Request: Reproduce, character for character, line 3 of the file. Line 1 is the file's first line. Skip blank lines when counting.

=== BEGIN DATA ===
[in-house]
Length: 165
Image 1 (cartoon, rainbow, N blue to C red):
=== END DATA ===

Image 1 (cartoon, rainbow, N blue to C red):